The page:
As Carvalho earned his reputation as one of the strongest drafters in the world, he never strayed from supporting his community as well. He was just as likely to help a local PTQ winner test for the Pro Tour as he was to work with a superteam.
When others reached out to test with him, Carvalho often declined their invitations to keep his focus on those who were there next to him. That spoke to Carvalho's growth for Edel as they joined forces, cementing a tight bond between the South American and Portuguese communities that continues today.
"Márcio has always been a very generous person, and he has always sacrificed [opportunities to test with] the greatest playtesting teams he could so he could test with a team of Portuguese and Brazilian players," Edel explained. "That's something people don't know about him, and they should."
Edel empathizes with the challenge Carvalho has gone through, but Edel saw Carvalho grow, bit by bit, into the community leader he envisioned him becoming.
"He always makes the time for his local community. He's been a very positive person for the community, and it's sad that he doesn't get any recognition for that." Edel shared. "When I fell off the [Pro Tour] and was really down, he was there for me, and I could never forget that."
Another Brazilian legend, Carlos Romão, also met Carvalho during his breakout beginning.
"I first got to spend time with Márcio at Worlds 2005, when we developed a friendly relationship. Like myself, Márcio enjoys a good laugh and is an easy-going person. His personality never changed a bit on this subject since the first day we met," Romão said.
Soon after meeting him, Romão took some time away from competing on the Pro Tour but followed what was happening in high-level Magic all the same.
"As with other Magic stars from the past, I believe he was too young [when he had his first successes] and tried to prove himself to the world," Romão said. "What most of the people don't realize is the amount of pressure we put on our shoulders after we start winning in Magic. Pro players want to prove they are not a fluke and put themselves in a bad position sometimes."
"I am not trying to justify anything—a mistake is a mistake, and people should get punished for doing it," Romão continued. "I believe he learned from it and realized by himself that he needed to improve, and Márcio did it with the skill level he has in Magic."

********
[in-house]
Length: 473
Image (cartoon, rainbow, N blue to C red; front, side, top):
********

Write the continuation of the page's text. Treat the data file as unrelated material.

Salvatto, too, is pointedly clear about where Carvalho was—and where he is today.
"I think that everybody made mistakes—even me. At the very beginning of my competitive play, I made [the kinds of] mistakes that I realized fast were bad for the game," Salvatto said. "Some people take more time, and some people never change. I've definitely known Márcio for a few years, and I know how good and how clean he is as a Magic player."
It's the unstated "now" on the end of Salvatto's quote that perpetually hangs in the air for Carvalho. Since his unceremonious end to 2014, Carvalho dedicated himself to his community, remaining laser focused on his goal—competing to be one the greatest Magic players in the world—and earned indisputable victories. In addition to eight Grand Prix Top 8s—including two more wins—he notched four Top Finishes from Pro Tours and Mythic Championships, his finalist finish at the 2016 World Championship, and two Top 4 finishes in the Magic Online Championship.
Under the scrutiny of the world and the professional Magic community, and alongside some of the greatest players ever from Argentina, Portugal, Brazil, and beyond, Carvalho put in more than a Magic Hall of Fame-level resume that started in 2015.
"I believe present Márcio is a better person than young Márcio: the family guy that cares about everyone around him, helps his friends to improve in the game and in life, and never puts himself in front of others' needs," said Romão. "On the battlefield, the last five years proved that he is one of the best players in the world. Tabletop or digital—he will dominate the scene for a while."
"All people make mistakes," Carvalho said. "But all people can evolve. In life or Magic, sometimes people think it's a one-shot: you do something wrong and you don't deserve anything anymore—one mistake and you can never atone for it."
"But I want those watching to see that people can evolve. They can learn from their mistakes and be better for it. Even if you throw out the tournament results, Magic has helped me to become a better person, and it changed my life," Carvalho said. With teammates like Javier Dominguez, Carlos Romão, Luis Salvatto, Willy Edel, and so many more—the community he's poured himself into all cheering and celebrating their unique successes in professional Magic—Carvalho is clearly celebrated by friends as the player he strives to be.
"For a game to do that, to me that's pretty big. There's been a lot of low points, but the good parts are way better than the worst. Now there's only one thing left to do: win the World Championship."